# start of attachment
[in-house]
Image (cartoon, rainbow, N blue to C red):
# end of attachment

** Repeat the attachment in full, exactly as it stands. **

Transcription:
[in-house]
Image (cartoon, rainbow, N blue to C red):